Key Technology Evaluation
In base trim, the 370Z doesn’t have much to brag about on the tech front, but with the optional technology package, that all changes. The 370Z can be speced with a GPS system that includes traffic alerts and a 9.3 gig hard drive for storing up to 2,900 songs. The stereo can also play tunes via a built-in CompactFlash reader.
Green Evaluation/Gas Mileage
The EPA hasn’t released any official numbers just yet, but Nissan says the new 3.7-liter V6 should return an extra 2 mpg. That means the 370Z should serve up 20 mpg city, 27 mpg highway. While those numbers aren’t going to save the planet anytime soon, those statistics are more than respectable for a true sports car.
A Closer Look: Vehicle Details
The 350Z suffered from a fairly disastrous interior, and that’s something the engineers at Nissan have remedied in the 370Z. Fine materials, great seats and a truly stylish dash are all welcome changes inside.
Outside, the 370Z gets a strong dose of classic styling. The long, sloping nose, arched fenders and notched sail window are all bits taken from previous Zs, while the slicked headlights, fanged front fascia and sculpted rear bumpers are all good-looking modern touches. Some may love the new design, others, not so much, but the new Z will get tongues wagging.
Market Segment and Pricing
The 2009 Nissan 370Z starts at $29,930, which puts it in league with other front engine, rear-wheel drive sports cars like the Honda S2000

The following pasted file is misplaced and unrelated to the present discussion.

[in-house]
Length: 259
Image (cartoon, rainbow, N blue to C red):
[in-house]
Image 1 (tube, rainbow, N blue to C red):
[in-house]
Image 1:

at $34,795, the new 2010 Ford Mustang GT at $ $27,995 and the BMW 135i
at $35,600 and, dare we say, Porsche Cayman
at $49,400. Still, we have to say, for the price it’s hard to beat the performance of the Z.
What We Think
Nissan has managed to revamp and reboot the Z for a new generation, giving it a much-needed facelift and adding the brute force and well-honed finesse the Z needs to compete with cars costing nearly twice as much. The new 3.7-liter V-6 provides immediate thrust, reined in by serious brakes and a well-sorted suspension and chassis. The 370Z evolves a marque that was born with performance at its heart, and it does so without losing sight of what earned the car its following. We see this as an everyday driver that you can take to the track. The best of both worlds, in our book.